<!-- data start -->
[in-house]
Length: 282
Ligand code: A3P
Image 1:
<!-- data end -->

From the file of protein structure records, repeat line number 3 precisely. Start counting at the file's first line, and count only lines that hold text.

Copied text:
Ligand code: A3P